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July 16 show
Negro Leagues baseball and Indy
Step up to the plate for some historic baseball questions and insights. Did you know that in 1920 the very first game in the newly organized Negro Leagues was played in Indianapolis?
Were you aware that one of the greatest stars of the Negro Leagues - a slugger often called "the black Babe Ruth" - was an Indy native?
During an era when major league baseball was segregated, the Indianapolis Clowns and predecessor team the Indianapolis ABCs (which, as an independent team, was even competing in the early 1900s) had a huge impact.
To explore the heritage of Negro Leagues baseball in the Hoosier state, Nelson will be joined in studio by Geri Strecker, a Ball State University professor who is writing a biography of Indy native Oscar Charleston (1896-1954), an outfielder considered one of the greatest players - and, eventually, managers - in the Negro Leagues.
Nelson also will be joined by Indy native Cliff Robinson, who from ages 10 through about 14 was a batboy for the Indianapolis Clowns. Traveling with the team during the 1940s, Cliff visited nearly every major league ballpark in the country and has a mound of anecdotes.
Eventually leaving the road to attend Attucks High School (class of '53) and then college, Cliff became an educator, coach and administrator at several schools before ending his career as human resources director at IUPUI.
Our show with Cliff and Geri (who also has put together a documentary with her Ball State students about black baseball in Indiana) will air just before the 14th annual Jerry Malloy Negro Leagues Conference meets in Indy beginning Thursday July 21.
During the conference, a historical marker will be placed on the site of the first organized Negro Leagues game, which involved the Indianapolis ABCs; the site was in the former West Washington Street Park, now part of the Indianapolis Zoo. (Oscar Charleston played center field during that game.) The former West Washington Street Park is not to be confused with Washington Park on the eastside of Indy, which, ironically, was the site of the city's former zoo.
The first game in the Negro Leagues was held in Indy partially because of the influence of Indianapolis ABCs manager (and later owner) C.I. Taylor. According to the Negro Leagues Baseball eMuseum, Taylor had "stocked the team with players of major leagues talent in 1914, and it immediately became one of the best in black baseball."
Born in North Carolina, Taylor had managed a team in West Baden, Indiana; it was named the Sprudels after the mineral water at the famous hotel in the Orange County town.
In 1914, the baseball team relocated to Indianapolis and took the name ABCs in honor of its sponsor, the American Brewing Company. According to the Encyclopedia of Indianapolis, Taylor insisted his players wear "collars, ties and shirts when not in uniform."The ABCs players became role models for many young Hoosiers.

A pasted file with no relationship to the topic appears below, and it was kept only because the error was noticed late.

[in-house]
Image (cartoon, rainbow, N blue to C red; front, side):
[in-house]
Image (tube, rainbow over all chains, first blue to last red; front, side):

Oscar Charleston joined the team in 1915 and spent more than 30 seasons playing for or managing the ABCs or various other teams in the Negro Leagues. Some experts have called him one of the greatest (albeit unheralded) baseball players who ever lived.
Because record keeping was sketchy for the early Negro Leagues teams, comparisons are difficult. According to some accounts, though, Charleston played more than 1,000 games with a batting average of about .350. Geri says spectators even would throw money at Charleston after he made one of his spectacular plays.
Yet he died in near obscurity and was buried in Floral Park Cemetery on the Westside of Indy in 1954.
By then, the glory years of the Indianapolis Clowns also were over. The team had moved to Indy from Cincinnati during the mid-1940s. As many baseball enthusiasts know, future legend Henry Aaron made his debut with the Negro Leagues during the early 1950s with the Clowns.
As a young batboy, our guest Cliff was a roommate on the road of the flashy Clowns player “Goose” Tatum (real name: Reece Tatum), who went on to much greater fame in basketball as a Harlem Globetrotter. Cliff, meanwhile, grew up to become an educator, coach and administrator - and, during the late 1950s, even was an assistant trainer for the legendary Chicago Bears football team.
History Mystery question
He was born in North Carolina in 1956, an era when Negro Leagues baseball was fading. So he never played in the Negro Leagues, and his career in Major League baseball was not particularly significant. However, his impact in Indianapolis was spectacular. During the 1980s, he arguably became the most popular player in Indianapolis Indians history. He led the Indians to five regular-season titles in the American Association and spent a total of nine seasons with the team.